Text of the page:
The changes are expected to reduce the number of inmates in solitary confinement by at least a quarter and usher in a range of reforms, including limiting the time served to three months in most cases and providing the prisoners with certain privileges, like monthly phone calls and group recreation.
“This is the end hopefully of an era where people are just thrown into the box for an unlimited amount of time on the whim of a corrections officer,” said Taylor Pendergrass, the civil liberties union’s lead counsel on the case. “This will not be the end of the road for solitary confinement reform, but we really think it’s a watershed moment.”
The legal settlement caps three years of negotiations between the civil liberties union and the administration of Gov. Andrew M. Cuomo, and comes at a time of intense scrutiny of the state prison system.
In June, two murderers escaped from the Clinton Correctional Facility in Dannemora, N.Y., setting off a nationwide manhunt that cost millions of dollars. But it also exposed serious dysfunction within the State Department of Corrections and Community Supervision that has been documented in a series of articles by The New York Times and The Marshall Project, a nonprofit news organization.
While states like Washington and Colorado have gone further in curbing the use of solitary confinement, both the civil liberties union and the governor’s office say the New York settlement is historic, given the size of the corrections system — it encompasses 54 prisons that hold nearly 60,000 inmates — and how much there was to do after decades of neglect.
“I think this agreement is radical and groundbreaking in ways that we couldn’t anticipate 10 years ago,” Alphonso B. David, the governor’s chief counsel, said. Mr. David said Mr. Cuomo saw the lawsuit as an opportunity to make New York prisons a model for the country.
Even though both sides say they are dedicated to a sweeping reform effort, there are still significant obstacles. Almost two years ago, the state agreed to an interim settlement that eliminated the use of solitary confinement for pregnant women, most developmentally disabled inmates and any prisoner under age 18.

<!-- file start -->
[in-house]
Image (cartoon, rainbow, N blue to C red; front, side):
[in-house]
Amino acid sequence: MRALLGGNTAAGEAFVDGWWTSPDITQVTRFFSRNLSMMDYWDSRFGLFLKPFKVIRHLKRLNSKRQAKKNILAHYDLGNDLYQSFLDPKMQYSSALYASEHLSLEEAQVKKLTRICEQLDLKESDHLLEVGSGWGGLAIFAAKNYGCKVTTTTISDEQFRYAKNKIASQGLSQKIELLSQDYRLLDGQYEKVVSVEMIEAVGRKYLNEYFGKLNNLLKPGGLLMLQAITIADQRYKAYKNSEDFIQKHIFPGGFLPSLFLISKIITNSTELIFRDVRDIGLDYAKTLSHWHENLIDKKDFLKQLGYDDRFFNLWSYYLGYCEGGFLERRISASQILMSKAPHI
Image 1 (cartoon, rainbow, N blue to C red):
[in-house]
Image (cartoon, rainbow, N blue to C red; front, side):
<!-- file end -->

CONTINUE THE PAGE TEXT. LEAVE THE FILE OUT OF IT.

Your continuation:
And yet during that time, the number of inmates in solitary confinement has increased. Officials attributed the rise in part to the escape in June, which prompted a crackdown throughout the prison system. More than 50 people have been in solitary confinement for longer than five years. At the same time, the average length of stay in isolation has gone down, to 190 days as of December from 225 days last year.
Another major question is whether the corrections officers’ union, which has great power in the prisons, will go along with the settlement. After the interim settlement was adopted in 2014, the union filed a lawsuit, which is still pending, challenging many of the new policies. Officials with the corrections officers’ union said they had not been included in the negotiations nor had they yet reviewed the details of the settlement.
“Our state’s disciplinary confinement policies have evolved over decades of experience, and it is simply wrong to unilaterally take the tools away from law enforcement officers who face dangerous situations on a daily basis,” the union said in a written statement.
The settlement agreement, which also involved the law firm Morrison & Foerster and Alex Reinert, a professor from Cardozo Law School, must still be approved by the judge in the case, Shira A. Scheindlin, of Federal District Court in Manhattan. The agreement establishes a maximum sentence of three months for most disciplinary violations, except assaults, and 30 days for almost any prisoner who has committed a nonviolent infraction for the first time.